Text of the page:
Thomas Borch NielsenDirector, Sunshine Barry & the Disco Worms

Who would have thought that an unusually funny movie about disco-dancing worms, yes worms, would come out of Denmark’s thriving animation scene? Although the film hasn’t been picked up for distribution in the U.S. yet, we thought it would be a good idea to catch up with the talented director, just in time for the Cannes Film Festival.

Animag Online: You started out as a visual effects supervisor and director of sci-fi live-action features and commercials in your country. How did you end up directing a movie about dancing worms?

Thomas Birch Nielsen: For some reason I have always had a soft spot for earthworms. After the rain has fallen the earthworms crawl up from their holes and out on the street, where they risk being driven over by cars or dry in the sun. So when I go for a walk I have to pick up the worms and carry them back into the safe soil again. One day I was listening to ‘Play that funky Music’ on my iPod, while picking up a worm. The worm wriggled in my hand in rhythm to the music, and I spontaneously said: ‘Look! A Disco Worm!’ And suddenly I had the idea for an animated movie.

After writing the first draft of the script together with screenwriter Morten Dragsted I presented it to Producer Nina Crone who also fell in love with earthworm Barry who sets out to create the world’s greatest disco band.

The contrast between earthworms, who normally live a boring life in dark clammy tunnels and the happy lights, party and colors that disco stands for, was funny. And disco is already know all over the world, so the movie already had a ‘brand’ even though it was a original story.

How long did it take to produce? How many people worked on it?

Nielsen: It took about a year to get the script and the designs right. Then it took approximately eight months to put the financing together. The production took 16 months. All the animation including modeling, lighting, render etc, was done at Radar Film in Copenhagen. The average staff during the production was around 30, but in the last few months, 47 people were working on it.

What would you say was the toughest part of the project?

Nielsen: Due to political changes in how to support film production in Denmark our financing got delayed. But we still had to make the deadline for the premiere in the autumn holidays in Denmark. So we had very little pre-production time. Actually we made most of the animatic during the production. So it was often very difficult to make a detailed production plan for a scene because it wasn’t storyboarded yet.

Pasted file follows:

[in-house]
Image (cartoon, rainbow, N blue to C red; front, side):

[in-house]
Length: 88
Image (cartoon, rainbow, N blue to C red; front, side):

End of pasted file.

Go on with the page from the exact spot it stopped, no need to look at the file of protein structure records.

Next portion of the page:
Now that the movie is done and has been released in Europe, which aspects of the film are you proudest of?

Nielsen: We are very happy, that we succeed in making a well told story that makes people laugh. But we are particular proud of the quality of the animation. That we actually made worms without arms and legs dance like John Travolta and even play a guitar solo. It required very skilled animators to make this illusion happen.

What is your take on the global animation feature scene in 2009?

How does the European scene compare to the one in the U.S.?

Nielsen: The total budget of Sunshine Barry & The Disco Worms was about 5 million dollars’that’s 3% of the WALL’E budget! So it’s very hard to compare European versus U.S. animation due to the enormous differences in financing, marketing and distribution.

But having said that, a good story is a good story, no matter if it is written in San Francisco or Copenhagen. And luckily is a good story what the audience wants. So despite that our European movies can’t have the same lavish production value as in the big movies from studios like Pixar and DreamWorks, there is still a market for us.

Who are your sources of inspiration in the animation world?

Nielsen: I think Pixar is the absolute leader in the animation industries. Their animation, technical and production skills are second to none, but I believe that the real reason for their leadership is that they put story above all. Many studios also claims that ‘Story is King’, but Pixar actually means it, and they put their money where their mouth is. Another great inspiration is U.K.-based Aardman. They are amazingly creative and had made their own charming style. I have seen the three first Wallace & Gromit shorts a thousand times’and still see them frequently’especially The Wrong Trousers is a masterpiece.

What kind of advice would you give others who would like to direct a long-form animated project, now that you’ve been there yourself?

Nielsen: My best advice is, that every day spend in preparation is 10 days saved in production. Make sure the animatic and designs are 100% in place before you start, and it will save you a lot of money’and headaches too.

Is the question 2D vs. CG even valid anymore in the feature world?

How do you feel about the big trend to do everything in stereoscope 3-D?

Nielsen: Radar Film is a 3-D animation studio, so 2D versus CG has never been an issue for us. I think that the possibility to do animated movies in stereoscopic 3-D is very exciting. It is a new color on the filmmakers’ palette. But I also believe that it is a tool that it will take some time to master, so it’s not just become a gimmick but an extra artistically layer that can be used to tell the story.

You can check out a clip and some images for Sunshine Barry & the Disco Worms at www.radarfilm.com